MIT SHASS In the Media 
Summer 2014 


                           Recent media publications, interviews, and 
                         broadcast appearances by MIT's SHASS faculty


Fighting a one of a kind disease | Seth Mnookin | The New Yorker 
What do you do if your child has a condition that is new to science?" In this essay, Mnookin, co-director of the Graduate Program in Science Writing explores how social media is affecting approaches to medical research.  
Article in The New Yorker | Audio interview on WBUR


A Creole solution for Haiti's Woes | Michel DeGraff and Molly Ruggles 
MIT Professor of Linguistics DeGraff and his co-author Molly Ruggles make the case for Haitian children learning in Kreyol — the language that 95% of Haitians speak — in order to empower and accelerate economic and political progress in Haiti. 
Op-Ed at the New York Times


The Inequality Piketty Didn't Examine: It Starts in Womb in U.S.
Equalizing the distribution of human capital through improving literacy and developing math and cognitive skills offers a more immediate way to chip away at, though not solve, wealth inequality, Robert Solow, a 1987 Nobel laureate and an MIT professor emeritus in economics, said in an interview.
Interview at Bloomberg News


Cutting the Poor Out of Welfare 
This commentary by Thomas B. Edsall includes analysis by MIT economist David Autor that "the decline over the past 35 years in “the employment/population rates of high-school graduates, and to a greater degree, high school dropout males,” is due in large part “to falling labor demand, falling job opportunities and falling real wages for low-skill males.” Autor shares the concerns of conservatives over the “damage to family structure, educational investment, and health behaviors, and role modeling in poor inner cities.” But, he adds, “the problem didn’t start with culture, and cannot be fixed simply by fixing that culture, absent a substantial improvement to job opportunities for low-skill workers.”
Commentary at New York Times


Income inequality is not the biggest economic threat to women | David Autor 
MIT Economist David Autor found that the median woman with a college degree earned about $23,000 more a year than a woman who terminated her education once she earned her high school diploma.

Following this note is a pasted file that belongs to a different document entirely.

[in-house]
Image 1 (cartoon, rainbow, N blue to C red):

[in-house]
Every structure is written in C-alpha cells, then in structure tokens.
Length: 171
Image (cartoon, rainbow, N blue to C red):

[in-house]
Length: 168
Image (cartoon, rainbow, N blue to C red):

Story at The Washington Post

Is College Worth It? New Data Say Yes | David Autor
“We have too few college graduates,” says MIT Economist David Autor, who was not involved in the Economic Policy Institute's analysis. “We also have too few people who are prepared for college.”  College debt may still be a real fear and hardship, but it's a relatively small cost in the long term. College grads made almost twice as much per hour in 2013 as workers without a four-year degree. And the lifetime value of a diploma is now around a half-million dollars, even after you factor in tuition.
Story at The New York Times  | MSNBC segment  |  WGBH News


Gaming the Poor
Natasha Dow Schüll, an MIT anthropologist who has written the definitive work on gambling-machine design, notes that as gamblers deepen their immersion, they become less interested in winning itself than in simply continuing to play.
Story at the New York Times



MIT's economics dynasty
Over the past 40 or so years, MIT has developed arguably the most influential economics department in the world. How has the economics department develop so much clout? A new study, “MIT’s Rise to Prominence,” by economic historian Andrej Svorencik of the Univedersity of Mannheim in Germany, looks at how MIT’s tight, illustrious alumni network has helped its graduates catch and surpass other powerhouse economics departments.
Story at The Boston Globe


The Hand on the Lever
A decades-long battle was joined, between “freshwater economists,” at inland departments like Chicago's, and “saltwater economists,” at Berkeley, Yale, and MIT. and Yellen deplored the caricature of Keynesian economics, and it's not too much to say that she has devoted her career, in universities and in government, to setting things right.
Story at The New Yorker


Technology Provides Foreign-Language Immersion at a Distance
"The idea is for them to learn about themselves as much as they learn about the others," says Sabine Levet, a senior lecturer in French at MIT,  who is a creator of the project.
Story at Chronicle of Higher Education 


MIT political scientist Charles Stewart testifies at hearing on North Carolina voting law 
Stewart testified that had the law been in effect in 2012, “over 30,000 African-Americans who registered during the same-day registration period would have been unable to register during that period, almost 300,000 [black] early voters would have been shoehorned into more congested early voting and Election Day voting sites, and at least 2,000 African-American voters would have had their out-of-precinct votes left uncounted.”
Story at MSNBC


What should the US do in Iraq? | Barry Posen
Audio story at On Point   |  Story in The Economist 


Conversation with John Lienhard, Head, Abdul Latif Jameel World Water & Food Security Lab
"At MIT we have, for a number of years, been discussing topics related to the environment and sustainability. I worked with Professor Maria Zuber to survey all our activities in water, food, climate, urban planning and environmentally benign design. We identified some areas in which our capabilities were well aligned with very important problems in water and food production."
Story at Asharq Al Awsat


The fight against fake drugs
The MIT SHASS-based Abdul Latif Jameel Poverty Action Lab, which evaluates development projects, studied malaria medicines sold by pharmacies in four districts where BRAC and Living Goods work in Uganda. Before they came in, 37 percent of pharmacies sold counterfeit malaria drugs, and about 20 percent of drugs sold were fake, said David Yanagizawa-Drott, one of the authors.